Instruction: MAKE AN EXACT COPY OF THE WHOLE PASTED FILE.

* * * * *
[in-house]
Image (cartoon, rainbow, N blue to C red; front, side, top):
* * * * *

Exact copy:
[in-house]
Image (cartoon, rainbow, N blue to C red; front, side, top):